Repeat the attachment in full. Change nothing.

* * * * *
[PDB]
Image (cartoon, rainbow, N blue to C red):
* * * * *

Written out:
[PDB]
Image (cartoon, rainbow, N blue to C red):